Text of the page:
EuroStemCell’s goal is to “make sense of stem cells” by providing “expert-reviewed information and road-tested educational resources on stem cells and their impact on society.” Their educational resource page is rich with science experiments for kids, students and even adults. They also have science videos on topics ranging from what stem cells are to bioengineering body parts.

Unfolding Organogenesis

Recently EuroStemCell posted a video about how successful public engagement activities are based on strong collaborations between scientists, doctors, educators and communicators. This video was particularly powerful because it showed how good ideas can start from an individual, but great ideas happen when individuals work together to develop these initial ideas into activities that will really connect with their audience.

The video features Dr. Cathy Southworth who begins by telling the story of how she and her collaborators developed an origami activity called “Unfolding Organogenesis”. Southworth explains her rationale behind using paper to simulate how stem cells develop the tissues and organs in our body.

“I was mulling how to use a prop or activity to talk about stem cells, and it suddenly came to me that paper and origami is a bit like the process. The whole idea of starting from a blank slate. Depending on the instructions you follow, makes a different object. If you start with a stem cell, you can make any type of cell you find in the body. And that made me think it was quite a nice analogy to talk to the public about.”

Her initial idea was made a reality when Southworth began working with science and math educators Karen Jent and Tung Ken Lam. Together the team developed an interactive activity where people used paper to build 3D hearts that can actually beat.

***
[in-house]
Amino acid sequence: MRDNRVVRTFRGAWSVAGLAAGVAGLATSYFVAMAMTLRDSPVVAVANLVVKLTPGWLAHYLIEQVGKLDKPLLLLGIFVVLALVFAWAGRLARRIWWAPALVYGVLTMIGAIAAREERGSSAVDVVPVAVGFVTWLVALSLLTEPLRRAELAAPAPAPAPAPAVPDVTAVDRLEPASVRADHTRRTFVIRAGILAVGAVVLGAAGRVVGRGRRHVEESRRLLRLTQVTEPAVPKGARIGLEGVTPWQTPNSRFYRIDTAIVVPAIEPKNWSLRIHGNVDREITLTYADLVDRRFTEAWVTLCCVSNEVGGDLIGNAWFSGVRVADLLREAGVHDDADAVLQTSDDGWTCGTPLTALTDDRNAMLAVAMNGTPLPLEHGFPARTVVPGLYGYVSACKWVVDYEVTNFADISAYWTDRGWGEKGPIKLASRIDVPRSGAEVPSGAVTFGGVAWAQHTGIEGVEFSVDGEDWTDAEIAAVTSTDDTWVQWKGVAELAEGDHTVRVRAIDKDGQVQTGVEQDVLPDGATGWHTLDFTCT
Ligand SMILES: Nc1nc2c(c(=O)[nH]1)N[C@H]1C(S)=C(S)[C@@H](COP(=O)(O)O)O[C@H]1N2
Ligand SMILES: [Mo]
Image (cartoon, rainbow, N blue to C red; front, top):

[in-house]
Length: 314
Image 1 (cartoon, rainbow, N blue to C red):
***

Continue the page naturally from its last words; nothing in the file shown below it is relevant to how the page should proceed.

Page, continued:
Ken Lam making organ origami.

Southworth said that as a science communicator, educating the public is the focus of her work. But she also believes that educating scientists on how to communicate with the public effectively is equally important.

“Part of my job is to make sure that the scientists feel confident in the activities that they are going to deliver, and also that they are having a good time as part of the engagement work.”

The video also touches on important science communications tips like teaching scientists the art of storytelling. Southworth emphasized that having scientists talk about their personal story of why they are pursuing their research adds a human component that is key to connecting with their audience. Karen Jent also added that it’s important to understand your audience and their needs,

“You always have to think about what kind of audience you’re addressing and bear in mind that people aren’t all the same kinds of learners.”

Where are my stem cells?

CIRM is also dedicated to educating the public about stem cells and the importance of stem cell research. We have our own educational resources on our website, but we love to use materials from other organizations like EuroStemCell in our public engagement activities.

One of our favorite public engagement events is the Bay Area Science Festival Discovery Day held at AT&T park. This event attracts over 50,000 people, mainly young kids and their parents who are excited to learn about science and technology. At our booth, we’ve done a few different activities to teach kids about stem cells. One activity, which is great for young kids, is using Play-Doh to model embryonic development.

Teaching kids about embryonic development with Play-Doh! Photo: Todd Dubnicoff/CIRM

Another fun activity, this one developed by EuroStemCell, that we added last year was called “Where are my stem cells?”. It’s a game that teaches people that stem cells aren’t just found in the developing embryo. You’re given laminated cutouts of human organs and tissues, which you’re asked to place on a white board that has an outline of your body. While you are doing this, you learn that there are different types of adult stem cells that live in these tissues and organs and are responsible for creating the cells that make up those structures.

Where are your stem cells? A fun activity designed by EuroStemCell. Photo: Todd Dubnicoff/CIRM